The British Guardian recommends Cycling Trail “Ciro” from Dubrovnik to Mostar

Ciro trailCiro cycling trail, from Dubrovnik to Mostar, encourages tourists to return to this empty green landscape that was largely abandoned during the war. Liz Dodd, a reporter for Guardian, also was here, and she described this bicycle route.

“It had become routine, after a hard day’s cycling, to check our Bosnian wild camping spot for landmines. So I carefully tapped the area with a six-foot branch, as I’d been taught on a security course, to make sure the stubby grass was safe. Then I gave the all-clear to my companion, who bounded over – and straight into the path of an enormous black snake,” wrote Liz.

She also added that they got used to surprises at Ciro trail, and added that the new 160 km paved track between Dubrovnik on the Croatian coast and the old town of Mostar in southern BiH follows the route of the old Austro-Hungarian railway line. It was closed in the seventies of the last century after the abolition of the narrow-gauge railway, its proud station buildings stood empty until they – and the towns they linked – were obliterated by the war in the 1990’s.

This bicycle trail was opened in December last year. It was partly financed with the money of the European Union, and its aim is to attract tourists to return to this region.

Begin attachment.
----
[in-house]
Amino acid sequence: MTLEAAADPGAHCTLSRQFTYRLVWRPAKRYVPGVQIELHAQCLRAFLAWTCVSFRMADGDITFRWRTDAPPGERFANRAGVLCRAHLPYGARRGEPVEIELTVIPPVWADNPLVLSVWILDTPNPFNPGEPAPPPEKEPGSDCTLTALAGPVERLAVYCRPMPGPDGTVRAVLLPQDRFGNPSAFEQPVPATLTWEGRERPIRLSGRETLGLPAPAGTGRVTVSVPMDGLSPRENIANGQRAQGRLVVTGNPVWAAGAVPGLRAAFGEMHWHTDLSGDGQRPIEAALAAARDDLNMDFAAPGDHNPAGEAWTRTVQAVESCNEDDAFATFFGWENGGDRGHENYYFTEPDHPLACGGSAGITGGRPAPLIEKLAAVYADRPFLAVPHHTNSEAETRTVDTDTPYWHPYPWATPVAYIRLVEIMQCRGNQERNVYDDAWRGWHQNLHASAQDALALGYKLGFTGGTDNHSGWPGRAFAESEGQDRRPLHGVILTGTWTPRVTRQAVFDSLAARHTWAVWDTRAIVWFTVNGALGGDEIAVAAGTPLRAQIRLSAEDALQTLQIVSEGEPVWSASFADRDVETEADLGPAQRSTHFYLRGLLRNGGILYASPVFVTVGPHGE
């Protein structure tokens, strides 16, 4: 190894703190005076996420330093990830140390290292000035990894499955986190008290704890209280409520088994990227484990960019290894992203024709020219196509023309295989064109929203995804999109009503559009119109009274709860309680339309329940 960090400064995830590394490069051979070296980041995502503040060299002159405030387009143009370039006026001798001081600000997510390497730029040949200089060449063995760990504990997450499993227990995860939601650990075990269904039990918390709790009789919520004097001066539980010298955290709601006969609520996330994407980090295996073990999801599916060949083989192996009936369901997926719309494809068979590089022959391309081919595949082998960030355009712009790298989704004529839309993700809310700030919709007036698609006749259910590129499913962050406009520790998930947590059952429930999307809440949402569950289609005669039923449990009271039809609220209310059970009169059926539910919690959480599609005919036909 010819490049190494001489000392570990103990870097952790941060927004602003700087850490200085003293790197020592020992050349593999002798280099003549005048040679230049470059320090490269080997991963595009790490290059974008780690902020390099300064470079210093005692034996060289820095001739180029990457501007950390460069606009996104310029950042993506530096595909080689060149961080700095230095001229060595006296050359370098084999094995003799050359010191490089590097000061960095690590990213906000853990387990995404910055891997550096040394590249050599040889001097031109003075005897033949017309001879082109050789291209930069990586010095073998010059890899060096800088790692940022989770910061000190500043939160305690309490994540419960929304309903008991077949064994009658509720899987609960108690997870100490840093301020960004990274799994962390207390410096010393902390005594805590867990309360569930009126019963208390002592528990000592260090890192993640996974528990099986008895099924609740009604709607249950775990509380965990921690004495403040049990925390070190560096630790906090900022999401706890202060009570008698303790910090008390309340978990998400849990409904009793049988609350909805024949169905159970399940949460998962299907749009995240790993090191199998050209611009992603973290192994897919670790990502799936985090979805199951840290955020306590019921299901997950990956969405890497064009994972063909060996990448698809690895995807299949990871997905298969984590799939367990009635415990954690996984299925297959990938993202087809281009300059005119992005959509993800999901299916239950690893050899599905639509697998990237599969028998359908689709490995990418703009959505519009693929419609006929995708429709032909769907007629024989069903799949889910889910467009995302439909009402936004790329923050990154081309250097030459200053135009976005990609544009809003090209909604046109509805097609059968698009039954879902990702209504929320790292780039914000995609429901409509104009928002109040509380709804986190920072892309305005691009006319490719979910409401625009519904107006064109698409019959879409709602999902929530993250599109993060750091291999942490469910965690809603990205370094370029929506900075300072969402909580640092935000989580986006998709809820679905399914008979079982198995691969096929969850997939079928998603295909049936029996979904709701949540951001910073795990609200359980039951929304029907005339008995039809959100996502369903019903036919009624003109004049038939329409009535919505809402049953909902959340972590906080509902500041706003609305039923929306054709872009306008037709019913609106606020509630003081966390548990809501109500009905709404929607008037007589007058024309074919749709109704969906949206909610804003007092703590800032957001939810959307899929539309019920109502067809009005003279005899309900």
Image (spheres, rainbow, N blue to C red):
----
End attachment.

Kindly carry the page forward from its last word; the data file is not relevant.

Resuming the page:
“The Ciro website describes the trail as an “open-air museum”, because from the Croatian border it runs north through long-abandoned towns before ascending into the Dinaric Alps and the Vjetrenica caves,” wrote Lizz for the Guardian.

The first hotel they stayed in was “Stanica Ravno (Station Ravno),” which is an arranged train station.

“As well as great local food – such as wild asparagus foraged in the woods – it offers a chance to appreciate how splendid the old stations are,” stated Dodd in the article.

“At Hutovo there’s a chance to go off piste in Hutovo Blato Nature Park (a 13-mile gravel path over viaducts and through old railway tunnels).

The Ciro’s signposting, which had been flawless for more than 100 miles, petered out somewhat on the way into Mostar. But we were almost there by then, and explored its cobbled old town and famous bridge before setting off to ride back to Dubrovnik,” wrote Lizz Dodd for the Guardian.



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